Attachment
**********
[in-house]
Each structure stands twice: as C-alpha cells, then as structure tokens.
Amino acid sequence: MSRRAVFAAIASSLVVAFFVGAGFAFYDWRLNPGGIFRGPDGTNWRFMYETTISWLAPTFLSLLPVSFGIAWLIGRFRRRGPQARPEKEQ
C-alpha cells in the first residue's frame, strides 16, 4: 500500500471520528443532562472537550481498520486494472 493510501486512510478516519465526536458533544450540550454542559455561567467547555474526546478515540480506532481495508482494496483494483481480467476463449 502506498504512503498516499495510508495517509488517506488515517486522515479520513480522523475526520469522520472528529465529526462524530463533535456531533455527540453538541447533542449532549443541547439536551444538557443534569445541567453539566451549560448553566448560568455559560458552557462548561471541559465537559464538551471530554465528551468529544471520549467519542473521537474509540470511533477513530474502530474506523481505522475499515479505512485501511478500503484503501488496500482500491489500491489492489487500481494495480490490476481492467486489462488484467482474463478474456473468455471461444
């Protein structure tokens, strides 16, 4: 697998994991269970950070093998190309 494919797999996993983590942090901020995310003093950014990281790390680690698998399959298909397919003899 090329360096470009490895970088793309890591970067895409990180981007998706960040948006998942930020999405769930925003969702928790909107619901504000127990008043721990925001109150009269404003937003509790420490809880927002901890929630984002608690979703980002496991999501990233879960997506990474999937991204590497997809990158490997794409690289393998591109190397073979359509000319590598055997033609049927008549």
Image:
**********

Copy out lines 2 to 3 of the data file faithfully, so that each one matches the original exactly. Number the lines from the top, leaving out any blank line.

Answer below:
Each structure stands twice: as C-alpha cells, then as structure tokens.
Amino acid sequence: MSRRAVFAAIASSLVVAFFVGAGFAFYDWRLNPGGIFRGPDGTNWRFMYETTISWLAPTFLSLLPVSFGIAWLIGRFRRRGPQARPEKEQ